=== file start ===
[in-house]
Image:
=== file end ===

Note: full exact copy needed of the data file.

[in-house]
Image: